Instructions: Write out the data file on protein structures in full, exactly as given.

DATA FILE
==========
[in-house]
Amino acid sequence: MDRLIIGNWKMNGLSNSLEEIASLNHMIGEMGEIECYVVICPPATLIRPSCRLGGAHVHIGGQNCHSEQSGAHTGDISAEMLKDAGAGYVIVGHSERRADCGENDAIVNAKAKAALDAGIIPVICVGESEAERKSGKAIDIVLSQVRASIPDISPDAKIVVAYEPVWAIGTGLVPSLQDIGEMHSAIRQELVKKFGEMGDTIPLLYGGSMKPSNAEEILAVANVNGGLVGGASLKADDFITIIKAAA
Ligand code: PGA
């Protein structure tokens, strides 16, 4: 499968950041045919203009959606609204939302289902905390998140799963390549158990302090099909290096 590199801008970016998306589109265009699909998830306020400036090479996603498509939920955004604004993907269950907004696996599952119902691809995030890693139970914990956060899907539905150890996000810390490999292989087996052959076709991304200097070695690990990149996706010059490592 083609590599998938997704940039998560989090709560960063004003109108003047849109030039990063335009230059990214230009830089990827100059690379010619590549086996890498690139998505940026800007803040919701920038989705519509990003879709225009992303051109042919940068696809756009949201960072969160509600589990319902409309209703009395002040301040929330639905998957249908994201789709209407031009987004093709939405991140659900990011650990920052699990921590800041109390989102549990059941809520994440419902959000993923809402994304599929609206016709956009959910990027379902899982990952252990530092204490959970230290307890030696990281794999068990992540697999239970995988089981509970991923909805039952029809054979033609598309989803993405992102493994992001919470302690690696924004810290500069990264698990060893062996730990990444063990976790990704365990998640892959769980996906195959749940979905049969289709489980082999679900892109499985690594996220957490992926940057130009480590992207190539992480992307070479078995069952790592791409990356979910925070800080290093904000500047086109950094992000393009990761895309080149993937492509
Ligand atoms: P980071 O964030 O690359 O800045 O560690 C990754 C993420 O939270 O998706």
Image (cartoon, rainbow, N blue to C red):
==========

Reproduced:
[in-house]
Amino acid sequence: MDRLIIGNWKMNGLSNSLEEIASLNHMIGEMGEIECYVVICPPATLIRPSCRLGGAHVHIGGQNCHSEQSGAHTGDISAEMLKDAGAGYVIVGHSERRADCGENDAIVNAKAKAALDAGIIPVICVGESEAERKSGKAIDIVLSQVRASIPDISPDAKIVVAYEPVWAIGTGLVPSLQDIGEMHSAIRQELVKKFGEMGDTIPLLYGGSMKPSNAEEILAVANVNGGLVGGASLKADDFITIIKAAA
Ligand code: PGA
């Protein structure tokens, strides 16, 4: 499968950041045919203009959606609204939302289902905390998140799963390549158990302090099909290096 590199801008970016998306589109265009699909998830306020400036090479996603498509939920955004604004993907269950907004696996599952119902691809995030890693139970914990956060899907539905150890996000810390490999292989087996052959076709991304200097070695690990990149996706010059490592 083609590599998938997704940039998560989090709560960063004003109108003047849109030039990063335009230059990214230009830089990827100059690379010619590549086996890498690139998505940026800007803040919701920038989705519509990003879709225009992303051109042919940068696809756009949201960072969160509600589990319902409309209703009395002040301040929330639905998957249908994201789709209407031009987004093709939405991140659900990011650990920052699990921590800041109390989102549990059941809520994440419902959000993923809402994304599929609206016709956009959910990027379902899982990952252990530092204490959970230290307890030696990281794999068990992540697999239970995988089981509970991923909805039952029809054979033609598309989803993405992102493994992001919470302690690696924004810290500069990264698990060893062996730990990444063990976790990704365990998640892959769980996906195959749940979905049969289709489980082999679900892109499985690594996220957490992926940057130009480590992207190539992480992307070479078995069952790592791409990356979910925070800080290093904000500047086109950094992000393009990761895309080149993937492509
Ligand atoms: P980071 O964030 O690359 O800045 O560690 C990754 C993420 O939270 O998706």
Image (cartoon, rainbow, N blue to C red):